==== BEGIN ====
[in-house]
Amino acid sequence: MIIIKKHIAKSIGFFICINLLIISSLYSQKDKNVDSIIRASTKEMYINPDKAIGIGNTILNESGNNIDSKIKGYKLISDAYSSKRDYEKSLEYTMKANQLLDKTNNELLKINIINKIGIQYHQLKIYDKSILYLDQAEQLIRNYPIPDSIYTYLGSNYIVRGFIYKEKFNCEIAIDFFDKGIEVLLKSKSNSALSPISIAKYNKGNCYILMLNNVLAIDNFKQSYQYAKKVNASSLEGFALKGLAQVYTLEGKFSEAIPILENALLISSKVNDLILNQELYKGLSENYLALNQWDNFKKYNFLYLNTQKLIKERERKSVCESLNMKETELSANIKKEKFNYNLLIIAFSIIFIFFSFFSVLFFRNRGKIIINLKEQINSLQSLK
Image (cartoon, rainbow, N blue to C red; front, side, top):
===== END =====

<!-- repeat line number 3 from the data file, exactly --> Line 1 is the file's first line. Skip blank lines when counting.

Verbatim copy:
Image (cartoon, rainbow, N blue to C red; front, side, top):